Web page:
Russell Crowe was definitely the muse for Mercy Is. His intensity and passion not just in taking on the role of Noah but throughout his career was something that greatly impressed Smith. “It was such an honor to write a song for him,” she said.

Smith said this was the most disciplined singing she’s ever had to do. The performance of the song that plays at the end of the film was recorded live with the Kronos Quartet. She said Aronofsky was there when they recorded because this was such a personal film for him he really wanted to make sure every aspect was thought through. The only thing he asked Smith to change was invoking horses. He told her there weren’t any horses at the time.” So she substituted doves instead.

Singing with an orchestra, or a quartet, presented several challenges for the usually improvisational Smith. A tight vocal track laid down with specifics is not generally the way she sings. If you’re a fan of hers (to say I am a fan is to put it mildly) you know she feels her way through songs. But here, she tamed that infamous spirit with laser like focus. The song is sung by Crowe so it was important to Smith that he be able to sing it as well. He certainly does sing it well but no one sings it better than Smith.

Patti Smith & Robert Mapplethorpe
Concern for the environment is what drove Smith to write the song and is at the heart of her concerns lately. “There is no greater cause for the human race right now,” she said. She believes that there is more urgency now than there ever has been and if any photo captured that urgency it’s this photo:


It was the first thing I brought up in the conversation and she knew immediately what I was talking about. It is an unimaginable horror to think that we’ve done nothing significant to stop the warming. Smith stops short of hopelessness. I did not reveal to her that I believe it’s too late. Aronofsky’s film is, to me, a telling of our fate. Smith is more hopeful. She is the last person to start imposing the ideals of her generation on future generations and she never laments how things change. She dives into that change like a charging wave. The newness of life is not something she fears.

When she talks about the environment or songwriting or her own vast and lengthy career it is with humility, which is probably the most unexpected thing about her. If there was ever was a legend who could play that card it would be her. But she doesn’t play it. If anything, she downplays it.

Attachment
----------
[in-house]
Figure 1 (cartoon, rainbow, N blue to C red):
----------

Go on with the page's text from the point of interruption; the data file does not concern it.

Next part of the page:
Smith’s memoir “Just Kids” is going to be made into a film eventually but she sounded uncomfortable being asked the question — she said she wants to do it in her time, in her own way. She’s earned that right.

That I found myself actually speaking to Patti FUCKING Smith on the phone the other day was one of the most surreal moments of my life. Honestly, I had no business taking up this woman’s time. Sometimes I meet people in this crazy job I do and it presents nothing so much as silence. I have nothing to say. I just stare blankly out at the world and think: holy fucking shit. This was one of those times.


Seriously, how do you even begin to talk about Patti Smith? Upon hearing her voice I choked up. That is the bad part about reverence. “It’s okay,” she said. “I do the same thing.”

What a trip.

Smith is one of those rare bright stars, a whole human being who is nowhere near done. The skinny poet in a tongue lock with Sam Shepherd all of those years ago has made a career of vital storytelling through poetry and music. That she is anywhere near the Oscar race is a rare gift indeed.

So it isn’t even a worthy discussion to say Patti Smith should be Oscar nominated for Mercy Is. They really should just hand the woman the Oscar already. They will if they know what’s good for them. If they don’t, I am embarrassed for them.

Listen to Smith’s song here:

And a few of my favorite things about her:

Screen Shot 2014-02-13 at 6.00.18 PM

Isn’t this movie amazing? Just saying. Watching this featurette reminds me of how incredible…Her….was! The Karen O. featurette after the jump.

Continue reading…


Who knew that the Best Song category would turn into such a contentious mess? On the one hand you have the frontrunner, Idnina Menzel’s masterful Let it Go, which not only does everything a Best Song is supposed to do – thread through the narrative of the story, highlight its main theme and celebrate the meaning of the film overall. No song does that better than Let it Go. It comes at a pivotal moment in the plot where Elsa, the lead, has been run out of the village and is now free to finally let her power loose.  I know because I’ve seen the film four times now at the behest of my 15 year-old. No other animated film has ignited the younger generations, especially of young women, like Frozen which dares to present a Disney princess who does not need rescuing from any man and in fact doesn’t even have a love interest. The main thrust of the film isn’t about a man saving her ultimately but about sisters saving each other.   These little changes make a difference, particularly to the children who will now grow up thinking differently about what it means to be a princess.

Let it Go, however, has formidable challengers, chief among them the mighty U2, who will perform at the Oscars. U2 sings the song for Mandela, which means it has the Weinstein Co. behind it.  The power of Bono is not to be taken lightly.
Continue reading…

There was a cabaret performance of the songs from Frozen – Broadway World got a snippet of it on video – alas, the rest appears to be not yet online.

On Tuesday night, the Academy’s Board of Governors voted to rescind the Original Song nomination for “Alone Yet Not Alone,” music by Bruce Broughton and lyric by Dennis Spiegel. The decision was prompted by the discovery that Broughton, a former Governor and current Music Branch executive committee member, had emailed members of the branch to make them aware of his submission during the nominations voting period.